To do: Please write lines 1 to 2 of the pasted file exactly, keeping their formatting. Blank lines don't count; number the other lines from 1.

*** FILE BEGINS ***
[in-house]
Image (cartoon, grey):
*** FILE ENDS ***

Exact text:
[in-house]
Image (cartoon, grey):